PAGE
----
Parents in a Remote Amazon Village Barely Talk to Their Babies—and the Kids Are Fine


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Recently, I heard a podcast on two approaches to parenting – the gardener and the carpenter. Today’s needull looks at a society vastly different from the westernized rich society.

The researchers observed, anecdotally, that language development appears to be slightly delayed in the Tsimané—but this does not seem to matter. The children grow up to be fully functioning, communicative and productive members of the community. In fact, as interactions between Tsimané and other Bolivians increase, many of the children are becoming bilingual in Spanish as well at their native Tsimané language.

The complete article

Dana G. Smith — Scientific American

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The Simplicity Assumption


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We tend to run away from complex solutions. We do assume that every problem does have a simple solution.

The Simplicity Assumption afflicts citizens of all political persuasions. I believe that it also afflicts economists, who take pride in what they regard as the power of simple models. Some prominent health economists have made the claim that “It’s the prices, stupid,” implying that reducing the cost of health care is merely a matter of negotiating more aggressively with health care providers.4 Others have claimed that government technocrats have the ability to devise compensation systems that will induce health care providers to improve the quality of their services.5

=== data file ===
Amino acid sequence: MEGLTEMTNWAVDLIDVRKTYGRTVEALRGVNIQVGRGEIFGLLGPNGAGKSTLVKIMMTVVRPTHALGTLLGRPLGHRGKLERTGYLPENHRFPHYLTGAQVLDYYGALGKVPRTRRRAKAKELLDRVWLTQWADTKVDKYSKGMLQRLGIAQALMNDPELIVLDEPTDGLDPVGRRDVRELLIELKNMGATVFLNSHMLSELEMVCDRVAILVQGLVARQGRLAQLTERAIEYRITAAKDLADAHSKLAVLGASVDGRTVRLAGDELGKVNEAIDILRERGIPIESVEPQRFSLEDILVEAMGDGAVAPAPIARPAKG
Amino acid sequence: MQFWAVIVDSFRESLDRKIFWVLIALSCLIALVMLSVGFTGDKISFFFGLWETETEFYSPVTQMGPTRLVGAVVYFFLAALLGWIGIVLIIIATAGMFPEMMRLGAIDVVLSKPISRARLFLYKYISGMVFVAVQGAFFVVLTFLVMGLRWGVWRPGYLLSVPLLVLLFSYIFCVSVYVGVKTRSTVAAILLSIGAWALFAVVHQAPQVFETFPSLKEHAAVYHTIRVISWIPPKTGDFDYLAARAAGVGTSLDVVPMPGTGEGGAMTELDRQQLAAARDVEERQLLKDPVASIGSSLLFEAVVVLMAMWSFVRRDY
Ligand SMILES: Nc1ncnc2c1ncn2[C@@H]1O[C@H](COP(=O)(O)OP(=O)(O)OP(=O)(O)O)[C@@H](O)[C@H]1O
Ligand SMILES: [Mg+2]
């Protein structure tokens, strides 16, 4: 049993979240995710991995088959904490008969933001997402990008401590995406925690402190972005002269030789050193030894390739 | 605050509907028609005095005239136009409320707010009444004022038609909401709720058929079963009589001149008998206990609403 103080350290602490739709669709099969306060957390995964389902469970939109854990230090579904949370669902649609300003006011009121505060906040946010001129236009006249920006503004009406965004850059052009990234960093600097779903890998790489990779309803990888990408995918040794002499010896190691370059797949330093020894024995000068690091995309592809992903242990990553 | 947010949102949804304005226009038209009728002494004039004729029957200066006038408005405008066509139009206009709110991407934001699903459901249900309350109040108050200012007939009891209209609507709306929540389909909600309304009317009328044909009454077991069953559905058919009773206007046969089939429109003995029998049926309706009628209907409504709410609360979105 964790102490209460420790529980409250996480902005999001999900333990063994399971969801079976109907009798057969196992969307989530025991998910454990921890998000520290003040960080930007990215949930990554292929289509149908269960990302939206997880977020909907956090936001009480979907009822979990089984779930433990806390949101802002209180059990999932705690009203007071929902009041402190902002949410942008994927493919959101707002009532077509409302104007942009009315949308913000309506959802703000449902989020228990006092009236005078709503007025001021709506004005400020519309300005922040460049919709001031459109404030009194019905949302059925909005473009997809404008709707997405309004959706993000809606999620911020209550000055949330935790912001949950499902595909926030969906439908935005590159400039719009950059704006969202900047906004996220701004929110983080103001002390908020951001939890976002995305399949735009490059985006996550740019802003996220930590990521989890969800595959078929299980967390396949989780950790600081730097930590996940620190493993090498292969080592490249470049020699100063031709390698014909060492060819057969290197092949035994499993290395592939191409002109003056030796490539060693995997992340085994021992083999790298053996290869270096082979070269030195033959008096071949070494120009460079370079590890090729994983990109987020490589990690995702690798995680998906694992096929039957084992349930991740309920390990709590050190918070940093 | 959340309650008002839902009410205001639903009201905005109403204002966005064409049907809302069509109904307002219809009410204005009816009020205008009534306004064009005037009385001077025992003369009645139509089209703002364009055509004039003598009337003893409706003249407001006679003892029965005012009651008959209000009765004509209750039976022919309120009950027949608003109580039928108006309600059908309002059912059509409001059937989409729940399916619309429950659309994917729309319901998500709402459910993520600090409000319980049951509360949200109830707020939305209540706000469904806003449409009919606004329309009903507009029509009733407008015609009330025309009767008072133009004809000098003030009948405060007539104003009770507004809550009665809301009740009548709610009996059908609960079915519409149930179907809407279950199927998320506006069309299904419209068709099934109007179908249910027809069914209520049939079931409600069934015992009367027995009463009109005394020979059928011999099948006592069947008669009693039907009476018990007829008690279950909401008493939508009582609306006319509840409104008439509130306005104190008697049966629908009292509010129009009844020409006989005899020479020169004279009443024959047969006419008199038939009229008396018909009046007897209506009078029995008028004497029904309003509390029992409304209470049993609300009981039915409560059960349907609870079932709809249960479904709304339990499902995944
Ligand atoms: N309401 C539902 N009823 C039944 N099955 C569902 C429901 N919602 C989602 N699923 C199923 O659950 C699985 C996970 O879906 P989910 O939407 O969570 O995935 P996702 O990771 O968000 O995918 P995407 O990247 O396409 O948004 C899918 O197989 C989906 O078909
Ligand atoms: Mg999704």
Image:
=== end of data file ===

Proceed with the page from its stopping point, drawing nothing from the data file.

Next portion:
The complete article

Arnold Kling — Library of Economics & Liberty

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Weighing 75 years of the nuclear age


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What is it like to sit for 75 years with the capability to destroy earth many times over?

No deliberate nuclear attack has taken place since the bombings of Japan, in part because of the sheer horror of those events. But the threat never goes away. “The risk of a nuclear weapon being used somewhere in the world in these next years is probably higher than it’s been since the Cuban missile crisis,” Moniz said. “We see concerns in North Korea, India-Pakistan. Russia of course remains, with a large arsenal, and we do not have a very constructive relationship right now with Russia.” North Korea launched a missile test just this week, the latest in a string of tests that have moved it steadily towards the goal of being able to hit the continental United States with a nuclear weapon.

The complete article

Elisabeth Eaves & Julian HaydaBulletin of the Atomic Scientists

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CONFRONTING MANHOOD AFTER TRUMP


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People are still trying to figure out what Trump presidency means.

The quaint balance of masculinity and femininity that the metaphor promised is no longer desirable, if it ever was. Instead of advocating that women compete with men on masculine terms and men mix in just enough femininity to distance themselves from the most toxic versions of masculinity, we need to start being honest about what being a man has come to mean. Trump’s rise has made it terrifyingly clear that his toxic version is not at all peripheral to 21st-century modern masculinity. It is central. It is authoritarian. And it is lethal.